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# Two particles having position vectors $\vec{r_1} = (3\hat{i} +5\hat{j})$m and $\vec{r_2} = (-5\hat{i}+3\hat{j})$m are moving with velocities $\vec{v_1} = (4\hat{i}-4\hat{j})\;ms^{-1}$ and $\vec{v_2} = (a\hat{i}-3\hat{j})\;ms^{-1}$. If they collide after 2 seconds, the value of a is:A.-2B.-4C.-6D.-8

Last updated date: 15th Jun 2024
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Hint: For the two particles to collide, they must be incident on each other. This means that they travel equivalent distances from their respective positions to collide with each other at 2 seconds. Determine the distance that each particle travels by taking the product of time and their velocity. The equivalent distance that they travel will be the additive distance they cover from their original position. To this end, equate the two equivalent distances and arithmetically arrive at the appropriate value for a.
Formula Used:
Equivalent Distance $\vec{d} = \vec{r} + \vec{v}t$

Let us begin by listing out what is given to us.
We have two particles whose locations are defined by the position vectors:
$\vec{r_1} = (3\hat{i} +5\hat{j})$m and $\vec{r_2} = (-5\hat{i}+3\hat{j})$m respectively.
They move from these positions at velocities:
$\vec{v_1} = (4\hat{i}-4\hat{j})\;ms^{-1}$ and $\vec{v_2} = (a\hat{i}-3\hat{j})\;ms^{-1}$ respectively.
We are given that the two particles collide after time $t=2\;s$. This means that they travel equivalent distances from their initial positions in order from them to coincidentally collide with each other, i.e.,
$\vec{d_1} = \vec{d_2}$
$\Rightarrow \vec{r_1}+\vec{v_1}t = \vec{r_2}+\vec{v_2}t$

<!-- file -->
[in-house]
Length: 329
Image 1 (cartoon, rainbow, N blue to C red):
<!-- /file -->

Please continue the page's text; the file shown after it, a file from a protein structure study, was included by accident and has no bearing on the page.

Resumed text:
Plugging in values for the above vectorial quantities and time, we get:
$(3\hat{i} +5\hat{j}) +(4\hat{i}-4\hat{j})2 = (-5\hat{i}+3\hat{j}) + (a\hat{i}-3\hat{j})2$
$\Rightarrow (3\hat{i} +5\hat{j}) +(8\hat{i}-8\hat{j}) = (-5\hat{i}+3\hat{j}) + (2a\hat{i}-6\hat{j})$
$\Rightarrow (3\hat{i} + 8\hat{i} + 5\hat{i}-2a\hat{i}) = (3\hat{j}-6\hat{j}-5\hat{j}+8\hat{j})$
$\Rightarrow 16\hat{i}-2a\hat{i} = 0\hat{j}$
$\Rightarrow 2a\hat{i} = -16\hat{i}$
$\Rightarrow a = \dfrac{16}{2} = -8\;ms^{-1}$

Therefore, the correct choice would be D. -8

Note:
It is important to understand that the distance that the two particles might travel may be different, but the equivalent distance that they travel while accounting for their respective positions as well as the rate at which they cover a certain distance will be identical, which is why we were able to equate the equivalent distances of the two particles when they collide after a certain time. We are essentially assuming the same final position for both the particles, which would mean that we only need to concern ourselves with the distance they travel from their initial positions.